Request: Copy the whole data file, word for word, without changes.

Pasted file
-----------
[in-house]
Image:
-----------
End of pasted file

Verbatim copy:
[in-house]
Image: